……lots of websites with great graphics, dazzling imagery and fancy things happening when you click on a tab, but let down by poor quality copy which ensures the site will never be found in Google searches. In all the excitement of launching a new website it seems that design is king and the words don’t matter so much.

I think there is a solution though. Instead of the two party relationship between client and web designer, overall website quality would improve dramatically if a third party was brought into the relationship – a copywriter.

It’s not a state secret that great web designers generally don’t make great copywriters (any more than a great carpenter makes a great electrician) and many clients choose to provide their own copy in order to bring down costs. Not involving a copywriter when you’re working on a new website really can be a false economy though unless the client happens to be among the fairly small group of people who are highly skilled at writing web copy.

Of course I would say these things as a copywriter, wouldn’t I? Well yes, but if you’re paying several hundred pounds for a new website just stop and think about what you’re doing for a moment – surely it’s just plain common sense to devote as much time and effort on ensuring that you have quality SEO-optimised web copy as you would on achieving great site design. After all, when you have a new website you want potential customers to find it, and once they’re on it you want this to be a positive experience for them.

Steve Shaw, Bishopsgate Copywriting

Bishopsgate Copywriting are based in Sevenoaks, England and specialise in financial and business copywriting and copyediting for websites and print media.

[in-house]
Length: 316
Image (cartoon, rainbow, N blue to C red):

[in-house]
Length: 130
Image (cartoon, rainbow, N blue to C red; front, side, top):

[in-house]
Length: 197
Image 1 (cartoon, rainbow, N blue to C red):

UK English and US English are different

American English v British English

I was recently asked by a client to review about 50 pages of content on their U.S. website and edit this so that it was suitable for a British audience.

I thought that this would be a fairly straightforward task involving making all the obvious spelling changes…making sure that words like “color” and “flavor”  had a “u” in them, changing “center” to centre, “toward” to towards, “program” to programme and amending words like “organization” and “specialize” to the UK spelling.

The work actually turned out to be rather more time-consuming than I had anticipated. It was easy enough to go through the text and amend the American spellings of particular words, but what surprised me was the amount of additional work required to amend some of the grammar, vocabulary and punctuation.

You don’t very often come across words which have completely different meanings on either side of the Pond but you do have to take into account things like different noun usage, different verb patterns and use of tenses, and different use of prepositions and adverbs. Until I did this work I had never really appreciated the amount of divergence which exists today between American and British English.

In terms of the spoken word we’re so familiar with American English usage over here, through TV, music and films, that we rarely misunderstand what Americans are saying. We take American English for granted and new examples of American English usage are creeping into the way we speak over here all the time.

Look at the written word on pretty much any American website though and the divergence between the two forms of English is quite apparent. It would have been easy for me just to let many of the differences go, because at the end of the day a British audience will have little difficulty in understanding the content on an American website.

As a professional copywriter I wanted to do the job properly of course – my brief was to edit the content so that it looked like it had been written by a Brit. On each page of content I had to make perhaps 10 to 20 edits. In this type of work edits have to be done manually – as far as I’m aware there is no software available which can flawlessly amend American English to British English.

The key learning point for me from doing this, and one that I would like to pass on, was….don’t underestimate how much work is required to amend American English web content to British English.


Steve Shaw, Bishopsgate Copywriting

Bishopsgate Copywriting are based in Sevenoaks, England and specialise in financial and business copywriting and copyediting for websites and print media.